Not many genres can be traced back to a single musician. However, the consensus among most musicologists and players of this style is that Django Reinhardt is the father of Gypsy Jazz beginning with the music he created in France in the 1930s. Some of the Django’s early influences were naturally some of the great American jazz musicians and bands of the time but also French impressionism (Debussy, Ravel, Satie). You can hear the impressionism influences in gypsy jazz with the frequent use of 6th chords as well as in some of the diminished and whole-tone runs.
Nowadays, the genre has expanded with players and influences from all over the world. Modern-day professional gypsy jazz guitarists may incorporate South American, blues, rock, country, and other influences that push the genre to new territories. What most often remains consistent in the modern styles is the early Django influences, the style of guitars or instrumentation, and the blazing technical prowess of the musicians. Here are some of my favorite modern artists and their most recent albums.
Artist: Joscho Stephan
Album: Guitar Heroes
Each of the 5 guitarist on this list have jaw-dropping technique, but Joscho Stephan may in fact be otherworldly. In Troy Grady’s brilliant interview series from “Cracking the Code,” Joscho sits down with Troy to dissect elements of Joscho’s personal approach as well as the general gypsy jazz style of playing. The cameras show the unwavering fluidity at which Joscho’s picking hand moves. I encourage anyone to explore Grady’s Cracking the Code for this and many other reasons. Joscho’s 2015 release Guitar Heroes features 3 other phenomenal guitarists, the one-man band from Australia, Tommy Emmanuel and gypsy jazz legends, Biréli Lagréne and Stochelo Rosenberg, on an album that blends gypsy swing with rock, blues, jazz, and funk. From Django to Jimi, there’s a great mix of styles on this album, pumped out by some of the biggest and baddest steel string hard-hitters around.
Artist: Gonzalo Bergara
Argentine guitarist Gonzalo Bergara is another prime example of a guitarist pushing the stylistic boundaries of gypsy jazz. Blues and South American influences make their way into much of his music. Though he can certainly hold his own among the other technically masterful players on this list, his sound and phrasing are some of the most pleasing elements of his playing. His compositions and arrangements are also well thought out and quite moving. This is true for the music on his most recent album, Claroscuro. On this album you can hear a wonderful use of textures, both made acoustically and with some tasteful studio work.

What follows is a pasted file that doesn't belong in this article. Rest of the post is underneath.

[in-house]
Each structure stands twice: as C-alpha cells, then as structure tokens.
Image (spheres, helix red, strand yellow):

Artist: Stéphane Wrembel
Album:The Django Experiment III
Stéphane Wrembel is a French born guitarist with a lengthy discography. He’s well-known for “Bistro Fada,” the theme song for the Woody Allen Oscar winning film, Midnight in Paris. (Side Note: I recorded a cover of this song; you can find the link HERE.) Stéphane incorporates an eclectic mix of world music with gypsy jazz and doesn’t shy from using effects pedals. The Django Experiment III is Stéphane’s most recent album. It features 3 songs by Django Reinhardt and 9 other compositions by other gypsy jazz artists from around the time of Django. This is a great album to hear modern interpretations on traditional gypsy jazz music.
Artist: Rhythm Future Quartet (Guitarist – Olli Soikkeli)
Led by violinist Jason Anick and Finish guitarist Olli Soikkeli, Rhythm Future Quartet (named after the Django tune, “Rhythm Future”) takes influences from Django’s Hot Club of France and mixes it with international rhythms and harmonies. While their first self-titled album was more traditional in style, their most recent release, Travels, features original compositions and arrangements with an even broader array of influences. All About Jazz and the Huffington Post dubbed Travels as one of the best jazz albums of 2016. Olli Soikkeli is one of the most impressive young guitarists around. He’s a featured artist on Jam Track Central where you can download some of his instructional material.
Artist: Adrien Moignard
Album: Clasico (Gonzalo and Adrien)
Another incredibly skilled and influential figure in the world of modern gypsy jazz is Adrien Moignard. There isn’t a great deal of information about Adrien online, not in English at least, however you can find several great videos on YouTube. His jams with Gonzalo Bergara are some of my favorite, which is why I have selected this album featuring both artists. Though they both have very different playing styles, the two complement each other quite well on this album featuring many of the great standards such as “Minor Blues,” “Django’s Tiger,” and “Swing 42.”
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